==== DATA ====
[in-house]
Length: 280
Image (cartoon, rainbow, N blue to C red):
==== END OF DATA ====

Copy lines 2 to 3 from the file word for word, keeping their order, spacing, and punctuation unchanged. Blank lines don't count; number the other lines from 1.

Length: 280
Image (cartoon, rainbow, N blue to C red):